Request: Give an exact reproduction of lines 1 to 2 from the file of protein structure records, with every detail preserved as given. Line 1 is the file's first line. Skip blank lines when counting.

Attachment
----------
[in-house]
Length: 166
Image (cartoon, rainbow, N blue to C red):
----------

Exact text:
[in-house]
Length: 166